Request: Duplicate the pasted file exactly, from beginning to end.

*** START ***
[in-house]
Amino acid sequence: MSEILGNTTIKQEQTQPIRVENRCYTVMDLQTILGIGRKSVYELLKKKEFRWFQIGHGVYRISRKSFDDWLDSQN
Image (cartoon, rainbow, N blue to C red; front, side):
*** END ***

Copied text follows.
[in-house]
Amino acid sequence: MSEILGNTTIKQEQTQPIRVENRCYTVMDLQTILGIGRKSVYELLKKKEFRWFQIGHGVYRISRKSFDDWLDSQN
Image (cartoon, rainbow, N blue to C red; front, side):